The parties are only in dispute about one claim term, "bent," as applied the deflector. Id. at col. 2, ll. 9-10.
A. The Parties' Contentions
Tyco proposes construing the term to mean "inclined at a single angle that is greater than a slight angle, i.e., is greater than 20 degrees." Tyco avers that the patent's specification consistently characterizes the deflector as "bent," Pl.'s Opening at 4 (citing '732 patent, col. 2, l. 10, col. 3, ll. 37-47, col. 4. l. 27), and each of the disclosed embodiments of the deflector are of a single angle between 30 and 40 degrees. Pl.'s Opening at 4 (citing '732 Patent at col. 3, ll. 44-47). Tyco avers further that the patent describes another deflector from prior art U.S. Patent 5,609,211 ("the '211 patent") as "bent" and that patent discloses a deflector at a single angle of greater than 20 degrees. Pl.'s Opening at 4-5 (citing '732 patent, col. 1, ll. 44-50; '211 patent, Pl's Opening, Ex. 4, Fig. 3).
Tyco avers that, in contrast, deflectors angled less than 20 degrees or having multiple angles are not described in the '732 patent as "bent." Tyco points to the descriptions of prior art U.S. Patent No. 5,366,022 ("the '022 patent") and U.S. Patent No. 5,579,846 ("the '846 patent"), referring to deflectors of less than 20 degrees as "flat or slightly angled." Id. (citing '732 patent, col. 1, ll. 39-43). Tyco also cites the description of U.S. Patent 5,862,944 ("the '944 patent"), a deflector of multiple angles, as "having inner surfaces inclined at different angles," omitting any reference to "bent." Id. (citing '732 patent, col. 1, ll. 50-57). Tyco argues that the difference between the language used to describe deflectors in the prior art versus the description of the deflector in the '732 patent reveals that Reliable has "acted as his own lexicographer" and afforded the term "bent" a meaning unique to the patent. Id. at 6-7.
Reliable responds that neither the '732 patent nor the prosecution history evince an intent to limit the invention or the meaning of the term "bent" to a single angle or specific range of angles. Id. at 11. Reliable contends the embodiments of the '732 patent that attribute to the deflector a particular range of angles are only preferred embodiments. Id. Further, Reliable avers that the '732 patent uses a variant of "bent" -- "bending" -- in reference to angles as small as 5 degrees. Id. (citing '732 patent at col. 3, l. 66 to col. 4, l. 14). Reliable further responds that, while the preferred embodiment includes a deflector bent at a single angle, nothing in the patent or prosecution history supports such a limitation. Id. at 12.
Reliable contends that the term "bent" need not be construed because it is neither a term of art nor a technical term, but rather a word "commonly understood" by a lay person and used in the patent in its "plain and ordinary sense." Def.'s Opening at 9. According to Reliable, nothing in the patent or file history indicates intent to give "bent" a "special or different meaning." Id. at 9-10.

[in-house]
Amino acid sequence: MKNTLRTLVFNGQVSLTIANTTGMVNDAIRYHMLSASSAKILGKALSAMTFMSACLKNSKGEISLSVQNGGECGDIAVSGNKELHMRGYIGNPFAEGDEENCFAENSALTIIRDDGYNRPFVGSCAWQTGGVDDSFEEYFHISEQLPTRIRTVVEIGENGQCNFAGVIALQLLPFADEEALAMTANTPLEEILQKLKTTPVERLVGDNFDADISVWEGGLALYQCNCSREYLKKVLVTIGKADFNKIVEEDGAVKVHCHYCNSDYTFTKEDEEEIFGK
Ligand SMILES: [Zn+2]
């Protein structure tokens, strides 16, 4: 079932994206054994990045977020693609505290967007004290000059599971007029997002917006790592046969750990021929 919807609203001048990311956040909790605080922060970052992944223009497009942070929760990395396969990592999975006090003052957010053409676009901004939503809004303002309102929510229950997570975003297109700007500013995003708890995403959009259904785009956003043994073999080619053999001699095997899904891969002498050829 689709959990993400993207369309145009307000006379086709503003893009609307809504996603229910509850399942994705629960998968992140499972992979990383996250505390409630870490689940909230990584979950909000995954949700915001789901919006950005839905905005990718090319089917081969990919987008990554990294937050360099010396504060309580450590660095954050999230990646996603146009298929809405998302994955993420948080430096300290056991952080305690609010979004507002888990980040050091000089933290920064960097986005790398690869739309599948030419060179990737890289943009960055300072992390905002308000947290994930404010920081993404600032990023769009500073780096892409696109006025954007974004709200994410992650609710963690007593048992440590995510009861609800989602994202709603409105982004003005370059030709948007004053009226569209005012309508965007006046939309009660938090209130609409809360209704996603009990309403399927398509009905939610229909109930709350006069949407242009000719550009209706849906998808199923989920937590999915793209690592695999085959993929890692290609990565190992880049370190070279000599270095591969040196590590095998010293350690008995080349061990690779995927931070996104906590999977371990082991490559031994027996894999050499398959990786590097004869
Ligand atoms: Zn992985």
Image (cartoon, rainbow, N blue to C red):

In the alternative, Reliable submits that the word should be construed to have "its ordinary and customary meaning" of "not straight or flat, crooked." Id. at 10. Reliable avers that the '732 patent uses the term "bent" and variants of "bent" consistently to mean "not flat." Def.'s Opening at 11. Reliable avers that the patent and prosecution history distinguish the "bent" deflector of the '732 patent from "conventional flat deflectors" or deflectors with "planar configuration" of prior art. Id. (citing '732 patent at col. 4, ll. 58-62; '732 File History, November 5, 2001 Amendment at 3-4, Nosher Decl.; Ex. 5).
Tyco replies that (1) while the'732 patent differentiates "bent" from "flat" or "planar" deflectors, the patent similarly differentiates "bent" from slight and multiple angled deflectors; (2) Tyco's construction has not limited the invention to preferred embodiment because it is inclusive of angles as low as 21 degrees; and (3) Reliable's use of the variant "bending" does not refer to the same type of angled deflector, but, rather, the "downward position of the [deflector] tine edges." Pl.'s Resp. at 2-4.
Tyco's Proposed Construction Reliable's Proposed Construction "inclined at a single angle that is greater than a No construction necessary. slight angle, i.e., is greater than 20 degrees."
If construed: "not flat, crooked"
"To be his own lexicographer, a patentee must use a 'special definition of the term [that] is clearly stated in the patent specification or file history.'" Laryngeal Mask Co. Ltd. v. Ambu, 618 F.3d 1367, 1372 (Fed. Cir. 2010) (quoting Vitronics Corp. v. Conceptronic, Inc., 90 F.3d 1576, 1580 (Fed. Cir. 1996)). While a claim term may be redefined in a specification "by implication," Bell Atlantic Network Services, Inc. v. COVAD Comm. Group, Inc., 262 F.3d 1258, 1268 (Fed. Cir. 2001), this is generally warranted when a patentee has used the claim term "throughout the written description in a manner consistent with an unconventional meaning." Honeywell Intern., Inc. v. Universal Avionics Systems Corp., 493 F.3d 1358, 1367 (Fed. Cir. 2007) (emphasis added) (citing Bell Atlantic, 262 F.3d at 1273).